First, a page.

THE THEOLOGICAL ENGINEER
Donald Trump and John Proctor
Christians and the 2016 Vote
By Jeff Laird
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Part 2: Reasons for Trump, Trumped by Reason
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The next post will discuss political arguments related to this issue in greater detail.
As a senior in high school, I portrayed John Proctor in Arthur Miller's The Crucible. In the climactic final scene, Proctor is given a choice: confess to witchcraft, of which he is not guilty, or be hanged. Others appeal to Proctor to consider the "greater good." If he lives, then this storm will pass, and he may live to see justice done. If not, he'll have died merely for refusing to give such a tiny token of submission. Others in town have rejected this deal, and been executed.
At first, Proctor agrees. He mouths a confession, but balks when asked to sign it. A false confession is bad enough, but to sign it means living with the public shame of compromising his integrity for the sake of his own life. Wracked with emotion, asked why he refuses to make such a tiny concession, he explodes in a tearful cry of self-loathing:
Because it is my name! Because I cannot have another in my life! Because I lie and sign myself to lies! Because I am not worth the dust on the feet of them that hang! How may I live without my name? I have given you my soul; leave me my name!In the end, Proctor comes to realize that moral compromise always comes at a cost. Worse, compromise spits on the graves of those who have stood on truth and principle, at any cost. As Proctor had asked, moments before his outburst:
"I have three children, how can I teach them to walk like men in the world, when I have sold my friends?I find myself now in an odd position where life imitates art. As a citizen whose first vote for president was in 2000, I've seemingly lived my entire life under the mantra of "the lesser evil." And, for the most part, the "lesser evil" was quite a bit lesser. At least, to the extent I could morally justify giving my assent to that person's authority.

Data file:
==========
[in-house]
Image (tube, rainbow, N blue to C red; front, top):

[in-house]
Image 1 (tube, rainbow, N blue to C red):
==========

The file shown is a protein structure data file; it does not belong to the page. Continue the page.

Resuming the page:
Make no mistake: in human terms, false confession would easily have been the "lesser evil" for John Proctor. And yet, pushed to the brink, he realizes it is absurd to give power to evil, simply to prevent greater evil. He is especially convicted by the ghosts of those who made a more honorable choice, despite the consequences. So, Proctor chooses death, and truth, rather than a pyrrhic "victory" through moral compromise.
Peter and the apostles were willing to endure beatings, jail, and harassment rather than dilute their message. Paul never called on Christians to moderate their message in order to be relevant in Roman society. Dietrich Bonhoeffer didn't kowtow to Nazi demands to preach a more Reich-friendly Christianity. These men were willing suffer more than just death — they were ready to accept defeat.
Paul, Peter and Bonhoeffer knew that their choices not only meant personal loss, but forfeiting the good will of the powers that be. It meant, in literal terms, allowing the world to tear itself apart rather than bow a knee to "lesser" evil. It even meant letting "evil" win, for now.
Today, various Christians declare that voting for Donald Trump is necessary, as "the lesser of two evils," even while admitting that this evil isn't much "lesser" than the alternative. Like Proctor, I find myself torn between two desires. One is the desire to survive, to "win," to do whatever it takes to stop this particular menace. To fight in my own power and manipulation. The other is the desire to do what my soul, my children, and my spiritual legacy will endure.
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